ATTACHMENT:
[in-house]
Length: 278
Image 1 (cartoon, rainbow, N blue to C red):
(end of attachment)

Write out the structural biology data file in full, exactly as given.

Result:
[in-house]
Length: 278
Image 1 (cartoon, rainbow, N blue to C red):